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Combination of detailed and aggregated data

Let the maximal and minimal prices among all the printers be output along with model and price of each printer.
This problem may be somewhat difficult for a beginner. This difficulty is in dilemma: grouping or summarizing over all set. When using grouping, the maximal and minimal values will be obtained not over all set, but for each subset defined by the grouping (in our case for each group with the same pair of values {model, price}). Taking into account that this combination does not repeat in Printer table of the learn database, we get three equal values of the price:

Console
Execute
  1. SELECT model, price, MIN(price) min_price, MAX(price) max_price
  2. FROM printer
  3. GROUP BY model, price;

But if we wouldn't use grouping, only the maximal and minimal values could be obtained, because standard syntax forbids (in view of ambiguous treatment of a result) usage of summarized values along with detailed ones without grouping by them:

Console
Execute
  1. SELECT MIN(price) min_price, MAX(price) max_price
  2. FROM printer;

The solution to the problem is fairly simple and not a single. For example, subqueries in SELECT clause  can be used. Such a subquery should return a single value, but not a set, as is the case:

Solution 1

Console
Execute
  1. SELECT model, price,
  2. (SELECT MIN(price) FROM Printer) min_price,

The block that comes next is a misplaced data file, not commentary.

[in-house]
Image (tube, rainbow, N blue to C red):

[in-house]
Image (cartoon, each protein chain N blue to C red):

3. (SELECT MAX(price) FROM Printer) max_price
  4. FROM printer;

More effective approach is to use subquery for calculation of aggregates in FROM clause along with cartesian product. You should not afraid cartesian product in this case because the subquery returns only one row which will be joined each row of detailed data.

Solution 2

Console
Execute
  1. SELECT model, price, min_price, max_price
  2. FROM printer CROSS JOIN
  3. (SELECT MIN(price) min_price, MAX(price) max_price
  4. FROM printer) X;

Why do we state that the second solution has better performance in respect to the first one? The matter is that the subquery will be calculated twice in the first query whereas once in the second one.  Besides, if the optimizer is not "clever" enough, the subqueries in the first solution will be calculated for each row of detailed data. Inspect the execution plans for your DBMS.

Let's consider the task where aggregates depend on current row of detailed data, for example:

Determine model and price of each printer as well as the maximal and minimal prices for printers of the same type.

We shall try to adapt the above approaches for solving this problem. Subqueries in Solution 1 should be rewritten as correlated ones:

Solution 1M

Console
Execute
  1. SELECT model, price, type,
  2. (SELECT MIN(price) FROM Printer P1 WHERE P1.type=P.type) min_price,
  3. (SELECT MAX(price) FROM Printer P1 WHERE P1.type=P.type) max_price
  4. FROM printer P;

As for Solution 2, we might take non-standard join CROSS APPLY (SQL Server), which uses correlated subquery in FROM clause.

 Solution 2M

Console
Execute
  1. SELECT model, price, P.type, min_price, max_price
  2. FROM Printer P CROSS APPLY
  3. (SELECT MIN(price) min_price, MAX(price) max_price
  4. FROM Printer P1
  5. WHERE P1.type=P.type) X;

The type column has been added in the solutions 1M and 2M for better insight into.

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